He says the pronunciation is more straightforward. “When I started to learn English I couldn’t say the word ‘exercises’ because it had so many syllables. Other people couldn’t say ‘excuse me’ it came out as ‘kiss me’. All the Chinese characters only have one syllable which is a lot easier, so pronunciation-wise and speaking-wise Chinese is easier.”
The tone you give these characters is where it gets more complicated. “English has tones as well but these don’t change the meaning of the word, only the connotation. But Chinese is slightly different. The different tones indicate different meanings of the same sound, so it’s a change but it’s not impossible.”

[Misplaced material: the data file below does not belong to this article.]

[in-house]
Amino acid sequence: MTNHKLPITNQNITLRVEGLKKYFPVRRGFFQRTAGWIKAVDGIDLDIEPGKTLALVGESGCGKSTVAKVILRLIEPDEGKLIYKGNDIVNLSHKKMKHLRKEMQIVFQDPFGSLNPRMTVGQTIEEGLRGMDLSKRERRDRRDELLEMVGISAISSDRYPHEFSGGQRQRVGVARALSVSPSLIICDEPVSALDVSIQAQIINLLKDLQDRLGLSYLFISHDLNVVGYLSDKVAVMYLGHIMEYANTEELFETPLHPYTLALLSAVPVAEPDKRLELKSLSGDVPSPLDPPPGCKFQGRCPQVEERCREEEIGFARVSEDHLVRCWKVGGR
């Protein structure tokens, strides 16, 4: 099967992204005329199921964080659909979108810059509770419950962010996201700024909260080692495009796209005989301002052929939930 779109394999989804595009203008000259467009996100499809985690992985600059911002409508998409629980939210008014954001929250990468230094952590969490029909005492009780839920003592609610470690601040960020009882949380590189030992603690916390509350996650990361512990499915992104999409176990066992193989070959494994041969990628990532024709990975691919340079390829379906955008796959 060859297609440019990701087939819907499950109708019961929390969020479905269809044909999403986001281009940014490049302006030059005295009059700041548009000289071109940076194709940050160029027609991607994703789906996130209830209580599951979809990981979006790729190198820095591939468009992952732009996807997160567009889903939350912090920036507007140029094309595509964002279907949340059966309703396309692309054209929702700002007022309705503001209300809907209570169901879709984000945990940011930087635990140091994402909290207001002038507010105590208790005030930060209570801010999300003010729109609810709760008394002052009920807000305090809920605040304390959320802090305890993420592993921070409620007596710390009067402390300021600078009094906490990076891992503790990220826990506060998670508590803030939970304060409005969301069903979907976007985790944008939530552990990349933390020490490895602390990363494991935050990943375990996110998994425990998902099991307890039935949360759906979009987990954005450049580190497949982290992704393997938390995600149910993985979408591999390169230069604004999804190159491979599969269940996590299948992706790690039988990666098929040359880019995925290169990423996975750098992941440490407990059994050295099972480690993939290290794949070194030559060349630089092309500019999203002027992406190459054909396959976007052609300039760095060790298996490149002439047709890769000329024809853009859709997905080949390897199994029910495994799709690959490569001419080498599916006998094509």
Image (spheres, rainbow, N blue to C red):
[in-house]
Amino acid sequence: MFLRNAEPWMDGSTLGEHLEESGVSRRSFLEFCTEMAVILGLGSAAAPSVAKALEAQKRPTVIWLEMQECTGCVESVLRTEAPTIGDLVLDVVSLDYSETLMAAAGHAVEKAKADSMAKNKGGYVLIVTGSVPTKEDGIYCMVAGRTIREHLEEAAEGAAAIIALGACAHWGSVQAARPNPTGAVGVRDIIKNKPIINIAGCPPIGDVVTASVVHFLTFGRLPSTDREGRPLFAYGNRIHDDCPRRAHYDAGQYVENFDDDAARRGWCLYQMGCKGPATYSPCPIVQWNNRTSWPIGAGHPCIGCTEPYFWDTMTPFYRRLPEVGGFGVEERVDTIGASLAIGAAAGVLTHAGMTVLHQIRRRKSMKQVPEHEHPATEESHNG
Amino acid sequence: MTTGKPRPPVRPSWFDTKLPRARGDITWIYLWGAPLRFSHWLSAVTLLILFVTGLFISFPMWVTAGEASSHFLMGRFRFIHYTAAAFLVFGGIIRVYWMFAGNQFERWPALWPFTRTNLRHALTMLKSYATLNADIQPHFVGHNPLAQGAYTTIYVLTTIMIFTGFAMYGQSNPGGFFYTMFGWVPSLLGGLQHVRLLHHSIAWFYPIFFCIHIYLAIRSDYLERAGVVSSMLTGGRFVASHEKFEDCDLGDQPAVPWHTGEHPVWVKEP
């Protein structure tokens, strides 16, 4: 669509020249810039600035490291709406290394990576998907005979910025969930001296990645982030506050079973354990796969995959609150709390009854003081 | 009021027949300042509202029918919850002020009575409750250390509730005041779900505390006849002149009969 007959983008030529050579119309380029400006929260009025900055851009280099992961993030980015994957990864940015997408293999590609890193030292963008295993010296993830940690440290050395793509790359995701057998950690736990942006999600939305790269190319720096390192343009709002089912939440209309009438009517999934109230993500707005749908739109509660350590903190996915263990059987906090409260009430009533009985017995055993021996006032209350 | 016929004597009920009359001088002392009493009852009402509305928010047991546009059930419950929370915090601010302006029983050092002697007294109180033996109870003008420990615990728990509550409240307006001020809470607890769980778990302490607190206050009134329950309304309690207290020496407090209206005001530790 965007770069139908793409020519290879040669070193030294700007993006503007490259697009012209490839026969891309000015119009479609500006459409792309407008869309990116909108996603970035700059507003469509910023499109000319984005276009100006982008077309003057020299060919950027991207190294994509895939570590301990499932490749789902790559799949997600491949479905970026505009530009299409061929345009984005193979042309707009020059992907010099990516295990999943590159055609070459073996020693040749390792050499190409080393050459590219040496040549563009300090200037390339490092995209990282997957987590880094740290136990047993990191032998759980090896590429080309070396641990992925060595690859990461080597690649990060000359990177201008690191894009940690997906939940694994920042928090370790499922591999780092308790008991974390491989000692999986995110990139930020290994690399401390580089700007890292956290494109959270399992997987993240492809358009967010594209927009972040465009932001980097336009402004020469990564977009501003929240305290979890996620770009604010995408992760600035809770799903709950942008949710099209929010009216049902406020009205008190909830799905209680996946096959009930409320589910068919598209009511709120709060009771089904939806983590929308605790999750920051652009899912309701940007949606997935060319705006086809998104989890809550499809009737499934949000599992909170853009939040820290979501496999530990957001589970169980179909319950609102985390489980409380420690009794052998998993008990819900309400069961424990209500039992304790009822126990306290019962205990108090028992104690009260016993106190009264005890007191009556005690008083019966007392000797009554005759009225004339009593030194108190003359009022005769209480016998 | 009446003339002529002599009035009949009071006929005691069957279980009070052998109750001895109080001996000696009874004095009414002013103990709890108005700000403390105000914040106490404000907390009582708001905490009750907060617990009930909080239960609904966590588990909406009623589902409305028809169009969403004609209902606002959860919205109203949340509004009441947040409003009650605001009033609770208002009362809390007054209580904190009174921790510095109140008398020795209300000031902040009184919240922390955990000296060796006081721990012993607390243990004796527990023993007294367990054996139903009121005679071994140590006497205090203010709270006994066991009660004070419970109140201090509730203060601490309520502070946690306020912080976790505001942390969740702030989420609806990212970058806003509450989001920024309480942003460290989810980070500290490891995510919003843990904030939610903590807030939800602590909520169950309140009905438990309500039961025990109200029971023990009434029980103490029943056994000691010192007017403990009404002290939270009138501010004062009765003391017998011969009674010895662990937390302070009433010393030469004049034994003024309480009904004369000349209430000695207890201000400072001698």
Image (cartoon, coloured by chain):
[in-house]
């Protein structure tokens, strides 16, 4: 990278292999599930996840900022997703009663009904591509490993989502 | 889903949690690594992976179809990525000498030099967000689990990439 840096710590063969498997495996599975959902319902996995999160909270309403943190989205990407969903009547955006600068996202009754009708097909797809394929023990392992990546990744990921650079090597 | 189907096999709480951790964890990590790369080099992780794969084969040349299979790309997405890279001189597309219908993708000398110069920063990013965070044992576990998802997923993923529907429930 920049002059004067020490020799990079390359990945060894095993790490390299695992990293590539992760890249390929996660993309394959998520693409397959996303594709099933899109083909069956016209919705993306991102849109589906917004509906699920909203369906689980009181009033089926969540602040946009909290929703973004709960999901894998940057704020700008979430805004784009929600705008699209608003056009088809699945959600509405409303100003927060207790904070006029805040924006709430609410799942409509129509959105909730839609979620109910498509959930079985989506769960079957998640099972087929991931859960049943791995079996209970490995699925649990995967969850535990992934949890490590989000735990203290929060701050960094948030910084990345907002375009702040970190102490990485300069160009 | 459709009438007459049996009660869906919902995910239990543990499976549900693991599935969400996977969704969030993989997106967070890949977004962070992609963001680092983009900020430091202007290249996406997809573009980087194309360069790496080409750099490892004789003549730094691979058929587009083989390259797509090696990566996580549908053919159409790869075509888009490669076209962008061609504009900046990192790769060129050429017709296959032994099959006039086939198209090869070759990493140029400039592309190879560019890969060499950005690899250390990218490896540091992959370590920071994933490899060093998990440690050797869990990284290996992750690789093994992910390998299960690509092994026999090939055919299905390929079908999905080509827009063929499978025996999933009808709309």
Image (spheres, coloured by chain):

He believes from a grammar point of view Chinese is simpler to grasp. “With English there is ‘he was,’ ‘we were’ and so, but with all the Chinese verbs there is no inflection.”
But what about the written language, which looks so utterly alien from our own, surely that’s difficult to learn? “It looks daunting but it isn’t. Every language has its own system and with Chinese we don’t have alphabetical letters but we have what we call ‘components’ or ‘radicals’ and you piece these together to form different characters.” There are 33 of these so-called radicals that you need to learn first in order have a basic understanding of the language.
For all its difficult reputation, and contrary to popular opinion, there’s only actually one official language in China, Mandarin. “We have a lot of dialects but the written word is the same.”